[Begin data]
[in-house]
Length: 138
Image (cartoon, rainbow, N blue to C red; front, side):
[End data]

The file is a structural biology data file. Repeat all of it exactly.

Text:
[in-house]
Length: 138
Image (cartoon, rainbow, N blue to C red; front, side):